In addition to appreciating the peace and serenity of La Posada’s gardens and public spaces, visitors have an opportunity to experience a connection of Winslow’s history through art.

Allan Affeldt and Tina Mion, the couple who acquired and reinvigorated La Posada as a hotel, also established the Affeldt Mion Museum on site at the hotel to celebrate the traditions brought by native people and then expanded upon by visionaries, past and present, who have contributed to Winslow’s success.

Permanent exhibits include the largest known hand-carded and hand-spun Navajo Rug, along with a collection of historic Navajo weavings.

Tina Mion is an artist herself; her works, as well as those of other contemporary artists are also displayed on a rotating basis.

(Note: the museum charges a small admission fee)

hotel hallway with navajo rugs hanging on the walls--la posada harvey house winslow arizona
Even the hallways at La Posada display historic Navajo artifacts

Separately, the hallways an public spaces are sprinkled throughout with artifacts of the southwest, so even walking to your room is like a trip to a museum! 👨🏻‍🎨

Dining at La Posada: Echoes of the Harvey House Tradition

The Turquoise Room “back in the day” (photo courtesy La Posada)

La Posada’s restaurant, The Turquoise Room, has been feeding hungry travelers and guests since “way back in the day.” Today, The Turquoise Room continues that tradition, serving up gourmet breakfasts, lunches and dinners.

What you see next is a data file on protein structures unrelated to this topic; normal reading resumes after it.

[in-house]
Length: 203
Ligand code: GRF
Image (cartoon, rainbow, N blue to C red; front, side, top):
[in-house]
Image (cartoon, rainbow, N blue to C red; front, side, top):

The menu offers up a varied selection of favorites, all with a southwestern flair.

I’m an absolute pushover for a good hotel breakfast that’s just a teensy-bit on the fancy side. So you can imagine my delight at the (house-made) Chorizo Breakfast Hash! Hubby had the stuffed Brioche French Toast . . . and there was lots of reaching across the table to sample one another’s dishes. 🍳

Chorizo breakfast hash in a yellow dish with tortilla and topped with sliced avocado at La Posada Harvey House, Winslow
Doesn’t this look like a fabulous breakfast? (courtesy La Posada)

Continuing “the resting place” theme, the restaurant also offers a special “travelers’ menu” of light meals (soups, salads, sandwiches) from 2-4pm . . . a perfect respite for weary travelers who are just passin’ through. (Full disclosure: this was us on our first visit to La Posada. It was enough to make us realize we had to come back someday!)

For those looking for a relaxing tipple, the Martini Lounge at La Posada Winslow will mix up your fave cocktails, which you can enjoy just about anywhere in the hotel.

It’s all very chill & sophisticated at the same time.

Somewhere along the way, you realize the magic has snuck up on you and you’ve fallen under La Posada’s spell. For a night (or three), you’ve been transported back to a more genteel time.

And it’s been absolutely lovely. And you’ll be back. (I know I will! 🥰)

Ready to go to Winslow? Book your stay at La Posada Winslow here!


image of fountain and front gate at la posada winslow arizona